Seven games, no wins – What’s going on with Stephen Kenny’s Republic of Ireland?
Stephen Kenny has endured a baptism of fire after stepping on to the international stage as the new Republic of Ireland manager.
Seven games into his reign, the former Derry City, Shamrock Rovers and Dundalk boss is yet to taste victory, and has seen his side miss out on Euro 2020 qualification and slip to within 90 minutes of relegation from Nations League B.
That, however, is only part of the story. Here, the PA news agency takes a look at a turbulent start to Kenny’s tenure.
Is the situation as bad as it looks?
If judged on the hard currency of results alone, the picture looks bleak. Kenny’s seven games to date have resulted in two draws and five defeats, one of them a heartbreaking exit from the Euro 2020 semi-finals in Slovakia on penalties. More worrying, perhaps, is Ireland’s lack of potency – they have scored only one goal under their new manager and none in the last six games. However, to put that run into some kind of context, the Republic have won just three of their last 20 competitive games and scored only 10 goals, three of them from the head of central defender Shane Duffy.
What is Kenny’s mission?
Kenny stepped out of predecessor Mick McCarthy’s shadow determined to bring the philosophy he had adopted wit his Under-21s side into the senior ranks. Tired of seeing Irish teams vaunted for their character, resilience and physicality, he vowed to play a front-foot, possession-based brand of football and to that end, has used Aaron Connolly, Adam Idah, Jayson Molumby, Dara O’Shea and Jason Knight, all of whom are still eligible to play at Under-21 level, while Troy Parrott, who was capped by McCarthy as a 17-year-old, has missed out only through injury. Blooding that new generation is a major focus and in the long-term, was perhaps an even greater priority than reaching the rescheduled Euro 2020 finals.
What challenges does he face?
Many of Kenny’s challenges mirror those of his most recent predecessors. It is a long time since an Ireland manager could pick men playing regularly at big clubs with the likes of Shay Given, John O’Shea, Damien Duff and Robbie Keane all retired. Matt Doherty at Tottenham, Sheffield United duo Enda Stevens and John Egan and Newcastle midfielder Jeff Hendrick are playing Premier League football, but many of their team-mates are sitting on benches or plying their trade in the Sky Bet Championship. But perhaps the biggest conundrum remains finding someone – or in reality, several men – to fill Keane’s sizeable boots in front of goal, with youngsters Idah and Connolly yet to register, and a system which creates chances for them.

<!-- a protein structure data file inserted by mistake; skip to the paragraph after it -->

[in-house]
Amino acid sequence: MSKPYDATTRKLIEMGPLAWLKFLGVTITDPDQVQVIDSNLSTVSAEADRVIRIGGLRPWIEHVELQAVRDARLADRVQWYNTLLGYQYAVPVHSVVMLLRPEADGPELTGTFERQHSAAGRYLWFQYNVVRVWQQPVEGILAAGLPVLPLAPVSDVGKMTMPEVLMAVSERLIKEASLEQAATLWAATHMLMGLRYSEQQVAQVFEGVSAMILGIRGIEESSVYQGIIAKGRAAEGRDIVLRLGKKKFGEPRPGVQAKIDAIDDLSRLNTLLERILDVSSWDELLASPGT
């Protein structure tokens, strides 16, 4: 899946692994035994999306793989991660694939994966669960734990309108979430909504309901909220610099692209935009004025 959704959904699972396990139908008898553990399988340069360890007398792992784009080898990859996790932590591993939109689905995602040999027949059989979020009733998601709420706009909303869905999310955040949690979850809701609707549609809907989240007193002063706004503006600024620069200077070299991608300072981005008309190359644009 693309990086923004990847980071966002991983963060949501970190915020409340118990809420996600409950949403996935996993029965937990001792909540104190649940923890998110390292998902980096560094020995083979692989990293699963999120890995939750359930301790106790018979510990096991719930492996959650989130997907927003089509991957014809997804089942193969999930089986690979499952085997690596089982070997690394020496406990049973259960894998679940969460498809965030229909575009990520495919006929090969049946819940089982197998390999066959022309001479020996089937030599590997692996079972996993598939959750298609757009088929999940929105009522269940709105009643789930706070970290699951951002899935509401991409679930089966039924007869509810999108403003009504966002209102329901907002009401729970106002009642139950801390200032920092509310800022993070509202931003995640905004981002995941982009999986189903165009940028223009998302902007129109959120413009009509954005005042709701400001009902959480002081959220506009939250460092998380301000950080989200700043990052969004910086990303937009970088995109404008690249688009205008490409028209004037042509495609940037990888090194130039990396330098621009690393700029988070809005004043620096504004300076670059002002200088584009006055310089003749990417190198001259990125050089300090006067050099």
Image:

What can he plead in mitigation?
Plenty. If it could go wrong, it has gone wrong for Kenny during his first few months in charge. Coronavirus robbed him of eight players in October and Callum Robinson and Alan Browne this month. In addition, Seamus Coleman and Egan joined Stevens on the injured list after meeting up last week and James McCarthy had to withdraw from the squad for personal reasons, denying the manager of more likely starters. In addition, he inherited a side which had beaten only Gibraltar twice and Georgia in competitive games since March 2019.
Is he under pressure?
No. Kenny’s elevation was part of a long-term plan drawn up by a now defunct regime at the Football Association of Ireland, which has since undergone a radical overall in the midst of a financial crisis. Having opted for big names Giovanni Trapattoni and Martin O’Neill at great expense and then turned to the tried and trusted McCarthy once again, his appointment was an attempt to foster continuity with a manager who had earned respect for his achievements in the League of Ireland, and had the added benefit of being affordable. His team has certainly increased its share of possession in games, but needs to use it to significantly better effect.